He has also created molecules that can be customised to act as sieves for a vast range of manufacturing processes from the oil industry to water filtration and pharmaceuticals. He hopes the first applications will be in drug production where much of the cost of making new drugs is in the purification process. About 15 per cent of the world’s energy use is for separation processes, so more efficient technologies will find eager customers.

For creating flexible crystals and new separation technologies, Associate Professor Jack Clegg receives the $50,000 Malcolm McIntosh Prize for Physical Scientist of the Year.

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Prize for New Innovators: A steerable guidewire to improve the treatment of heart disease

Prime Minister’s Prizes for Science

Dr Geoff Rogers

Dr Geoff Rogers has created a robotic guidewire that cardiologists can steer with a joystick through the body to reach a damaged artery.

The use of guidewires has replaced open heart surgery for many cardiac patients. However, about 20 per cent of cardiac patients can’t be treated using current guidewire technology, which the cardiologist has to twist and turn by hand to guide it through the arteries. The guidewires can’t always get through.

As an undergraduate engineering student Geoff heard a clinician express his frustration with the technology. So, for his undergraduate project and PhD Geoff invented a steerable guidewire with a diameter of just two human hairs. Following his PhD, he co-founded a company and worked with cardiologists at the Epworth and Melbourne Private Hospitals to develop the IntelliWire.

In 2017 the guidewire and the company were purchased by Merit Medical Systems, a global leader in surgical devices, which is now working to bring the guidewire to market.

Now Geoff is leading two new initiatives: the first as CEO of a biomedical start-up company developing new solutions to antibiotic resistance; the second is a real-time system to adjust car wheel alignment. He’s also mentoring future biomedical entrepreneurs.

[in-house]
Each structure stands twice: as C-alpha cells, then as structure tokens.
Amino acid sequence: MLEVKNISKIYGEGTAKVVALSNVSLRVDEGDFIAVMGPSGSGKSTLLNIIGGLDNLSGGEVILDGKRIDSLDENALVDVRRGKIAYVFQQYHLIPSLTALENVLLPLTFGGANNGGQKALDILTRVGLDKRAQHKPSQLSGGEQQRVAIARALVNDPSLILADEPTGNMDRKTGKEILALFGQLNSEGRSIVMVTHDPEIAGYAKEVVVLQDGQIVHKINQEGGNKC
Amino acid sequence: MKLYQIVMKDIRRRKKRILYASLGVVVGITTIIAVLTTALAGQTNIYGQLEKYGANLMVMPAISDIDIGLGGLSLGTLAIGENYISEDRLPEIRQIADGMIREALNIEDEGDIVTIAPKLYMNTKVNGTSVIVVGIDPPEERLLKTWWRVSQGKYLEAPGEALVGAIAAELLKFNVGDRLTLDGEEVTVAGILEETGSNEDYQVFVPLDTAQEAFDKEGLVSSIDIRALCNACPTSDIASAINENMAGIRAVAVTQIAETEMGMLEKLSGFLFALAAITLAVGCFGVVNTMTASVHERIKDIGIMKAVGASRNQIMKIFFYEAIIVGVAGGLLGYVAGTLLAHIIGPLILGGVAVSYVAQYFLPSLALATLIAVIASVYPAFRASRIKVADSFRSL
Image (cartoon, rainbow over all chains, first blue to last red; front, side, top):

For creating and commercialising his pioneering biomedical engineering, Dr Geoff Rogers receives the $50,000 Prize for New Innovators.

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Prime Minister’s Prize for Excellence in Science Teaching in Primary Schools: A school where everyone teaches science

Prime Minister’s Prizes for Science

Mr Brett Crawford

Mr Brett Crawford has transformed science teaching at Warrigal Road State School in Brisbane. All the school’s 50-plus teachers now actively teach science in their classes.

Warrigal Road is a large primary school in Brisbane with more than 1,300 students. The students are from 54 cultures, English is a second language for 60 per cent of them, and there’s also a cohort of hearing-impaired children.

The local high schools have recognised that Warrigal Road students come to them curious about the world and ready for secondary science. Test results back that up, showing the school’s science performance is well above national averages.
Brett is the lead science teacher at the school. He believes that science teaching in primary schools is easy.

Primary school students are curious about the world. You can engage them with simple, inexpensive experiments.

But Brett also knows that many primary school teachers are anxious about teaching science.

So, at Warrigal Road he led a program in which he spent two days every week mentoring his fellow teachers.

The results speak for themselves and other schools are now picking up his ideas and programs.

For creating an environment in which every teacher is engaged in science, Brett Crawford receives the $50,000 Prime Minister’s Prize for Excellence in Science Teaching in Primary Schools. Brett is the lead science teacher at Warrigal Road State School in Brisbane.

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Prime Minister’s Prize for Excellence in Teaching in Secondary Schools: Opening young eyes to careers in science, technology, engineering and maths

Prime Minister’s Prizes for Science

Dr Scott Sleap

Cessnock in New South Wales was traditionally a mining town, but today’s high-value jobs in the Hunter Valley are in agriculture, tourism and increasingly in aerospace. Williamtown is already a maintenance base for Australia’s F/A-18 fighters. Soon it will be a maintenance hub for the Joint Strike Fighter in the Asia-Pacific.

Many of Cessnock’s students don’t believe that the new jobs are for them. Dr Scott Sleap is opening their eyes and showing them that they can participate in the new economy. He’s done that by creating the Cessnock Academy of STEM Excellence, a partnership between Cessnock High School, its feeder primary schools, and local industry.

Students struggling with numeracy are catching up with the help of robotics. A team of Aboriginal girls are making and racing model F1 cars, mentored by Boeing engineers. And the number of students signing up for STEM subjects is growing. NSW Education is now rolling out similar programs in other regional centres.

Dr Scott Sleap receives the $50,000 Prime Minister’s Prize for Excellence in Teaching in Secondary Schools. Scott is Deputy Principal, STEM, for the Cessnock Learning Community.